The Death and Life of Schneider Wrack

Pub Date:   |   Archive Date: 10 Aug 2017

Member Reviews

This book wasn't for me. I found it disjointed and uninteresting but I really like the concept.
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I was interested in this book after seeing many tweets about it by its author and publisher. I was pleasantly surprised to receive the arc from Netgalley, and was NOT disappointed. It lived up to everything it boasts, and then some. It was a delightfully gross read, full of humor and, uh, guts. Literally.
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I tried to read THE DEATH AND LIFE OF SCHNEIDER WRACK with my speed reading app but there were so many words that were gigantic or outright invented there was no way that my eyes could keep up at 300 and 400 words a minute. I'm glad I slowed down; when I did I started really enjoying this book that is more akin to Alice In Wonderland than it is to most other zombie books.

Zombies in this book are one part steampunk wonder, one part magical mystery, and all horrific. They bear the marks of their execution method but also the wear of the work they do. They are sun baked, missing limbs and often preyed upon by the giant ocean creatures they are tasked with hunting. It was so much fun to have them evolve from creatures described as "one arm" or "the fat man" into characters with names and personalities; even if in one case, all he could say was "Fawk offff!!!".

In a book where the main characters are passionate and real, it's strange that it's the setting that steals the show. The world of Ocean and the fishing boat expands, bit by bit, as Wrack and his commerades fight back, learning new things about the various people, fauna and unknowns that inhabit their world.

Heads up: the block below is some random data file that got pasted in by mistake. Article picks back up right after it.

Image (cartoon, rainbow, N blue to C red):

THE DEATH AND LIFE OF SCHNEIDER WRACK is a trip, a book to read carefully but not too slowly. If you're the kind of person who looks up words in the dictionary, don't bother. If you love imagining massive creatures with names you can barely hold in your brain, dive in.
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I don’t often have this sensation while reading, but while I read Nate Crowley’s The Death and Life of Schneider Wrack, my mind kept dredging up images of one person in particular. She and I share a love of zombie fiction, and Schneider Wrack can be technically counted as one of the undead: he awakes to himself one day, rotted and scrabbling in dead flesh, on the deck of an enormous ship, in a besieged place called Ocean.

Wrack can’t remember much of his life, but he can remember he was a librarian, before being convicted for sedition and put to death. He doesn’t even remember if he’s guilty of his crimes. In the lacuna between his death and reawakening, his undead body was used by a government at war to fish the monstrous seas of Ocean. Scads of the undead, grill-mouthed overseers, scary robo-manta rays, and incalculably large leviathan people this horrific landscape.